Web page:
Blue Roses And A Rare Whisky

Jo McGarry
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Wednesday - February 13, 2008
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Need to say it with flowers, but bored with the usual red or yellow roses? Trust a whisky maker to come up with something a little different. In Japan, Suntory Ltd. (best known as makers of beer and Yamasaki whisky) have identified the gene in roses that leads to synthesis, and have created a blue rose. And while it might look a little odd in its initial press releases (looks more purple than anything), Suntory is confident it will sell several thousand dozen of the blue flower next Valentine’s Day.

Johnnie Walker Blue may be the perfect pairing if the theme of your Valentine’s gifts change color next year. Who says romance has to be about champagne and fine wine? And aren’t you sick of all that red?

Whisky has such a unique tradition and is such an incredible part of the Scottish landscape that, for me, there’s no more romantic spirit on earth.

To visit a Scottish whisky distillery is to take a trip through the history of Scotland. There’s been whisky making there officially since 1494 when official records show a friar John Cor noting his production of uisgebeatha (the water of life). Several distilleries lay claim to the title of oldest in the country, though Strathisla is generally recognized as one of the oldest - it was established in 1786, followed by Oban in 1794. But when it comes to romance, it’s hard to beat the tiny, three-man distillery at Edradour. The distillery is situated in the breathtaking hills above Pitlochry in Perthsire. If you ever get the feeling that life is moving too fast, or that you wish time would stand still or at least slow down, then my advice is take a trip to Edradour. With its perfectly whitewashed farm buildings and bright-red painted doors, you’d be forgiven for thinking that this tiny hamlet housed a model farm. Inside, the same wooden mash tuns are used, and the same time-honored methods of whisky production are in place just as they were when the distillery opened 180 years ago. With tiny copper stills - the smallest in Scotland - Edradour stands proudly as a testament to Scottish whisky production and its place in history. There’s no automation at Edradour, where three men, led by master distiller John Reid, do everything by hand. The last time I went to visit I’d forgotten to call first and everyone was too busy working to stop for a chat and a dram. I hung around the distillery for a few hours, taking in the simple beauty of it all, and watching the river flow by. And then I went back the next day for a visit. What I love about this snapshot of the whisky world is that nothing has changed here for decades. Oh, they brought in a new-fangled refrigerator about 40 years ago, but that’s just about the only automated thing in the place - and now it’s ancient, too.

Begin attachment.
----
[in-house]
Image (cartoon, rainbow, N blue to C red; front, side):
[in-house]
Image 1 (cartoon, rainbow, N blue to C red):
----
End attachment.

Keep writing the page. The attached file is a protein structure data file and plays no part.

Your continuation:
They make 12 casks of whisky a week - about 250 bottles - where a distillery such as The Glenlivet, for example, will produce 4 million bottles a year. Of course, that means there aren’t too many bottles of Edradour sitting on supermarket shelves, but that just adds to the romance.

Hand-crafted, rare, unchanged and unchanging, with a little piece of Scottish history in every bottle, Edradour is a stunning example of the timeless traditions of whisky making.

Aged in oak barrels for 10 years, it has warm hints of sherry and a remarkably creamy, smooth texture. Look for almonds, a tiny bit of smoke and an aftertaste that’s quite crisp and clean. Golden in color with the attractive flavors of almonds and vanilla on the nose, Edradour is a rare and special treat.


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